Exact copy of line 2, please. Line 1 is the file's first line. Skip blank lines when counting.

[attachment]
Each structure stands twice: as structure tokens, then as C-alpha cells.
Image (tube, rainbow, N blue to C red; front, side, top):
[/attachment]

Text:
Image (tube, rainbow, N blue to C red; front, side, top):